Liu Qiangdong’s Subsidiary JD Logistics Debuts on HKEx

HONG KONG–()–JD Logistics made its debut on The Stock Exchange of Hong Kong on Friday, May 28th (2618.HK). The business joins its parent organization (9618.HK) which completed a secondary listing on HKEx on June 18th of 2020 and the healthcare arm of the country’s biggest internet company JD Health (6618.HK), which was listed on December 8th of last year, making it the third JD entity to list.

The opening price for the company started at HK$40.36, and they raised an estimated HK$24.11 billion on the day of their initial public offering. According to the company’s prospectus published on May 17th, 2021 by Richard Qiangdong Liu,’s chairman and CEO, the proceeds from JD Logistics’ IPO will be used to upgrade and expand its logistics networks, develop advanced technologies to be used in its supply chain solutions and logistics services, expand the breadth and depth of existing solutions, penetrating existing customers and attracting potential customers though investments in sales and marketing personnel as well as industry solutions development, and toward general corporate purchases and working capital needs.

To commemorate the debut, JD Logistics hosted a celebration ceremony at’s headquarters in Beijing. CEO of JD Logistics Rui Yu said during his remarks at the ceremony: “JD self-built its own logistics network in 2007. In the past 14 years, JD Logistics has taken the improvement of the customer experience as its responsibility. Through unrelenting investment in logistics infrastructure and technology, JD Logistics has launched services such as ‘211’ (same- and next-day delivery) and 24-hour delivery in tens of thousands of counties and towns, redefining logistics service standards and providing customers with the best experience in the world.”

Connecting virtually to the exchange in Hong Kong, nine representatives including JD Logistics customers, clients and frontline employees, Willie Tan, executive officer of Skechers Greater China, Southeast Asia and South Korea, and JD Logistics’ six-axis robot, a logistics robot arm used in the company’s warehouse automation, all took to the stage to virtually ring the gong.

Yu closed: “In the future, JD Logistics will take ‘driving superior efficiency and sustainability for the global supply chain’ as its mission and use its technology-driven integrated supply chain to maximize its support of the real economy and the development of new businesses and continue to provide clients with the a high quality experience and enable them to enjoy the most trustworthy service. We will also work with our partners to reduce social logistics costs and drive efficiency improvement for business and society.”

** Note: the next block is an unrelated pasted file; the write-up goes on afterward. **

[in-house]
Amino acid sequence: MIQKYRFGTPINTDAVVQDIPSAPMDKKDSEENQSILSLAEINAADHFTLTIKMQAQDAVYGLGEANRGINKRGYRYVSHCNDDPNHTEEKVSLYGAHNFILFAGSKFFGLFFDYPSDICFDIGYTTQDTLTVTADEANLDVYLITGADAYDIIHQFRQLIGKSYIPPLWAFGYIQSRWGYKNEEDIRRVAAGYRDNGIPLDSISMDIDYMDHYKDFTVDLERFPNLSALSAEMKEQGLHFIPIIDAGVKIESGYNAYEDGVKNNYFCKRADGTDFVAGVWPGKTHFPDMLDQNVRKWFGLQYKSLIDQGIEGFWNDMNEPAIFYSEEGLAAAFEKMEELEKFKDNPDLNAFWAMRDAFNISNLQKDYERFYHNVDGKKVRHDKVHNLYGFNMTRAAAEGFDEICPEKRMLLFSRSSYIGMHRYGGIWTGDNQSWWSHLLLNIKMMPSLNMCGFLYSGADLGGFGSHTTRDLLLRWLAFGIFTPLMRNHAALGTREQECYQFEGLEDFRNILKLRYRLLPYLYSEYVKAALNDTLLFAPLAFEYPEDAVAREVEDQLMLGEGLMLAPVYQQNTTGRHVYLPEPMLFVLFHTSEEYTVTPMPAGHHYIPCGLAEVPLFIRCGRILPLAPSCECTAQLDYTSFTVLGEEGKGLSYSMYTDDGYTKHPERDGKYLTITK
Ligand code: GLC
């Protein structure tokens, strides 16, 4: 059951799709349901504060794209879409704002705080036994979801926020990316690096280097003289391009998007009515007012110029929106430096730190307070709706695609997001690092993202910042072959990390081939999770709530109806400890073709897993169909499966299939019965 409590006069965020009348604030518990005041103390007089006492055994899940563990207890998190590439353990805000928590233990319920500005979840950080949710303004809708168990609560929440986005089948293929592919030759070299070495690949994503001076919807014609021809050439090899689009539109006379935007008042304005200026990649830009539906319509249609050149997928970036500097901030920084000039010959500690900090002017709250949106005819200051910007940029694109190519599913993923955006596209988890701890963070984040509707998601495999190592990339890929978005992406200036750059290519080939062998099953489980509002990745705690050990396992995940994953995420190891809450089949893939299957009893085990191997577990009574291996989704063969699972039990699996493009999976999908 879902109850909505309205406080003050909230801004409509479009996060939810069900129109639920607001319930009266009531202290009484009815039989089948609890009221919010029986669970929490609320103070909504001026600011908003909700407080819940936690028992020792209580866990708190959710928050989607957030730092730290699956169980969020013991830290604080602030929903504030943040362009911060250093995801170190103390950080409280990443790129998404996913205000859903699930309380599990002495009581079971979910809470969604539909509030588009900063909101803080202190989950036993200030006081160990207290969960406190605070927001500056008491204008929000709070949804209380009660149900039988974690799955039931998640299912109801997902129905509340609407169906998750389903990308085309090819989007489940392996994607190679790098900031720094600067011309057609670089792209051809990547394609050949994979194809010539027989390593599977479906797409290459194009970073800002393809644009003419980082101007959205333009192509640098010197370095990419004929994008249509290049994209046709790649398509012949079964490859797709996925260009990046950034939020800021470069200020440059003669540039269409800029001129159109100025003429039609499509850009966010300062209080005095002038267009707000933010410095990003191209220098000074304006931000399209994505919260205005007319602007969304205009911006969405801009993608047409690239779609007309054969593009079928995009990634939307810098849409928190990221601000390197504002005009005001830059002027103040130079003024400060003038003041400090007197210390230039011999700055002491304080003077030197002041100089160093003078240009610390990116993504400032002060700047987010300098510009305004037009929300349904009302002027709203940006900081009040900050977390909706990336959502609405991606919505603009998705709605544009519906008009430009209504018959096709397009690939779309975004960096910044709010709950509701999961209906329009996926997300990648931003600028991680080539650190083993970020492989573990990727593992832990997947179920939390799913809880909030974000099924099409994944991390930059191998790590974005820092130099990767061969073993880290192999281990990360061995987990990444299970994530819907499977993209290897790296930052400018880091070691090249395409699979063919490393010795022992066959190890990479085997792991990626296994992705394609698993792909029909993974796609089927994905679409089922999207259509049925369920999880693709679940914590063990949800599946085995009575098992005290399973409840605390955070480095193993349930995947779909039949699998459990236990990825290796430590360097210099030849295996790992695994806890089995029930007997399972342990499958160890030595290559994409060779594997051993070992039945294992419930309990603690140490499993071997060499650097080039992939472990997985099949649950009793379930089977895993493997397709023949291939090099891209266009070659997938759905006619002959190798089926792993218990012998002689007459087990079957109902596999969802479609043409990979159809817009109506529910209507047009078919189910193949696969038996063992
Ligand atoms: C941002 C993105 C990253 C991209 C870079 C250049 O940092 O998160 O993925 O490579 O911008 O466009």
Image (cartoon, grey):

About JD Logistics

JD Logistics became a stand-alone subsidiary of in 2017. That year, the company began offering its integrated supply chain solutions such as warehousing, transportation, delivery and after-sale services to e-commerce sellers and other companies. By 2020, it was the largest integrated supply chain and logistics provider in China by revenue. The company provides services to more than 190,000 enterprise customers around the world, and operates a network of over 1,000 warehouses covering approximately 21 million square meters. In addition to its own warehouse fleet, the company has over 1,400 cloud warehouses operated by third-party warehouse operators, allowing existing warehouses to become intelligent and digitized through JD’s technology. With over 240,000 personnel including 190,000 in-house couriers who deliver across the country, JD Logistics’ large network allows it’s reach to cover some of the country’s most remote locations from isolated villages to tiny islands and achieve rates of approximately 90 percent of orders delivered same-day or next-day. The company also has 32 highly automated warehouses across China, including a fully unmanned warehouse in Shanghai which has the ability to process more than 1.3 million orders per day during peak seasons.

About Richard Qiangdong Liu

Richard Qiangdong Liu founded in 1998. The business started as a stall in an electronics bazaar and grew to become a successful electronics chain with twelve brick-and-mortar locations. In 2004, Liu began the process of transitioning his retail business from in-store to online along with expanding outside of electronics to other retail categories. The company also began developing its own logistical network of drivers and warehouses in 2007, allowing it to greatly expand its reach to more remote locations such as lower-tier cities. Today, is responsible for providing over 400 million active users in China with everything from fresh groceries to luxury clothing, and is the largest retailer in China by revenue. Liu has made technological advancements a focus of the company, and has sought to develop and implement drones, robots, artificial intelligence and big data in In 2020 he updated the company’s strategic positioning to reflect this, identifying it as a “supply-chain based technology and service company” in a nod to its expansion into sectors outside of retail such as healthcare and fintech.

Liu has won numerous awards for his work as CEO of CCTV, China’s largest television network, named Liu the “2011 China Economic Person of the Year” and was also given the “2011 China Business Leader” award. Fortune China placed him on their “2012 Chinese Businessmen” list, and in 2015 Fortune Magazine named him one of the “World’s 50 Greatest Leaders.”

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